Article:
Appendix A contains short discussion about extension of this method for other order changing strategies.

## 2. Fractional Constant-Type Variable-Order Differences

In this section, we present some already known fractional constant and variable-order difference definitions of constant-type, which will be used for further considerations.

where

and

The Grünwald–Letnikov difference presented in iterative form (

1) can be rewritten in the following equivalent recursive form [

22]

where

Definitions for variable-order case presented below exhibit different behavior; however, for constant order all of them are equivalent to Definition 1. The first one is obtained by replacing a constant order

$\alpha $ by variable order

${\alpha}_{k}$. The

$\mathcal{A}$-type of fractional variable-order difference is given by

where

The second definition assumes that coefficients for past samples were obtained for an order that was present for these samples. The

$\mathcal{B}$-type of fractional variable-order difference is given by

where

Besides the above iterative definitions, we use also the following recursive type of variable-order difference definitions.

The

$\mathcal{D}$-type of fractional variable-order difference is given by

where

The

$\mathcal{E}$-type of fractional variable-order difference is given by

where

Using matrix representation of (

8), which is presented and described in detail in [

23], the

$\mathcal{E}$-type difference in recursive form given in (

8) can be rewritten in the following iterative form [

29]:

where

and for

$r=1,\dots ,k$
where for

$s=1,\dots ,r$## 4. Analog Model of $\mathfrak{D}$-Type Variable-Type and Order Operator

The realization of

$\mathfrak{D}$ fractional variable-type and order operator directly based on conceptual scheme is depicted in

Figure 3. In this case, the duality property requirement can be omitted. Thus, the main parts of the analog model are

Data acquisition card dSPACE 1104;

Half-order impedances deeply described in [

22], denoted as

${Z}_{1}$ and

${Z}_{2}$;

Operational amplifiers TL071 denoted as ${A}_{1},{A}_{2},{A}_{3}$ and ${A}_{4}$;

Analog switches DG303 denoted as ${S}_{1}$ and ${S}_{2}$;

Resistors $R=100$ k$\Omega $.

As can be seen, the fractional orders depend on impedances

${Z}_{1}$,

${Z}_{2}$ and positions of switches

${S}_{1}$,

${S}_{2}$. Due to the use of the operational amplifiers

${A}_{1}$,

${A}_{3}$ in inverted input configuration, it was necessary to add the supplementary ones denoted as

${A}_{3}$ and

${A}_{4}$ with gain

$-1$. Obviously, such analog model corresponds to the system in continuous-time domain. However, considering the digital nature of A/D and D/A converters of dSPACE card and constant time step

h, which was used to collect all experimental data, it can be considered as a discrete model given by Equation (

13). Moreover, to fulfill the simplified switching definition concept presented in

Figure 1, the switches

${S}_{1}$ and

${S}_{2}$ change their terminals in the following scenario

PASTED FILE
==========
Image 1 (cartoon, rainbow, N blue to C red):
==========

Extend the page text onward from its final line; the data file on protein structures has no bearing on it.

It gives the varying order

${\alpha}_{k}$ and system parameter

${\lambda}_{k}$ equal to

#### Experimental Results

It is worth noting that an origin of the investigated analog model was analytically proved. Based on it, the behavior of said system corresponds to $\mathfrak{D}$ fractional variable-type and order operator, regardless of input signal. The entire experiment was carried out with time-varying parameters, and to emphasize the equivalence of experimental and numerical data, the Heaviside step function form of input signal was chosen.

Moreover, the sampling time plays a major role during discretization process. Decreasing of sampling time leads the data to be more accurate and it negatively affects the computation process. On the other hand, increasing of sampling time cause the inaccuracies in data but it makes the computation process less time-consuming. Thus, the sampling time should be carefully chosen to keep balance between data accuracy and computational time. Since the electrical circuit is a continuous-time system, the sampling time exerts an impact only on the data acquisition process.

The experimental data were collected with time sampling of

$h=0.001$ s and input signal equal to

${V}_{in}\left(t\right)=0.5H\left(t\right)$, where

$H\left(t\right)$ is a Heaviside step function. It yields the following equation

where

and system parameters, such as

${\alpha}_{k}$ and

${\lambda}_{k}$ are forced by the switch configuration given by (

14) and are described by (

15), for

${\alpha}_{1}=-0.5$,

${\alpha}_{2}=-1$,

${\lambda}_{1}=1.33$,

${\lambda}_{2}=1.76$,

${t}_{1}=0.3$, and

${t}_{2}=0.6$.

A comparison between experimental data and their numerical implementation based on duality property (see

Figure 1a) is presented in

Figure 4. Moreover, in the same figure, the error between two sets of data is shown as well. By analyzing the step responses in

Figure 4, it can be seen that until first switching time

${t}_{1}=0.3$ s, we can observe the step response of half-order integrator. Furthermore, until time

${t}_{2}=0.6$ s, the system response corresponds to the

$\mathcal{B}$-type of fractional variable-order definition, where order

$\alpha $ has been switched from

$0.5$ to 1. Additionally, starting with time

${t}_{2}$, the switching method is equivalent to

$\mathcal{D}$-type of fractional variable-order definition, where order

$\alpha $ has been switched from 1 to

$0.5$. Such combined switching process composes the

$\mathfrak{D}$ fractional variable-type and order definition with high accuracy.